Monday, June 27, 2016

Many of our ethnic or national Hungarian ancestors immigrated to America in seek of the freedoms and liberties that our country offered. Hungarians have been finding their way to America for centuries and one of the earliest, if not the earliest, was a Hungarian cavalryman named Mihály Kováts de Fabriczy. He provided faithful military service during the American Revolution, which ultimately took his life, along with Casimir Pulaski and are known for being the founding fathers of the United States Cavalry. Mihály came from a noble family, their name in Hungarian being 'fabriczi Kováts', and rose through the ranks during his military career to gain the title of Captain of the Huszárs. Mihály had offered his military service to the American ambassador in France, Benjamin Franklin, and one particular portion of his letter written on January 13, 1777 to the ambassador proclaimed his desire for independence and his knowledge of war:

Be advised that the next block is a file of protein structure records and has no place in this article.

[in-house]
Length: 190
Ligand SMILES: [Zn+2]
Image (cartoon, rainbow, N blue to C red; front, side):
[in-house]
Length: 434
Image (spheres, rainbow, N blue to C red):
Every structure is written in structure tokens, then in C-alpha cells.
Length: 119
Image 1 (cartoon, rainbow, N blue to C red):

"Golden freedom cannot be purchased with yellow gold."
"I, who have the honor to present this letter to your Excellency, am also following the call of the Fathers of the Land, as the pioneers of freedom always did. I am a free man and a Hungarian. As to my military status I was trained in the Royal Prussian Army and raised from the lowest rank to the dignity of a Captain of the Hussars, not so much by luck and the mercy of chance than by most diligent self discipline and the virtue of my arms. The dangers and the bloodshed of a great many campaigns taught me how to mold a soldier, and, when made, how to arm him and let him defend the dearest of the lands with his best ability under any conditions and developments of the war."